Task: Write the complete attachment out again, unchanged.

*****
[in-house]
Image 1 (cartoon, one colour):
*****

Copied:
[in-house]
Image 1 (cartoon, one colour):